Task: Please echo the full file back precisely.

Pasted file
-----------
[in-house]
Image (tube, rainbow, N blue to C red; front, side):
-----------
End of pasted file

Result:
[in-house]
Image (tube, rainbow, N blue to C red; front, side):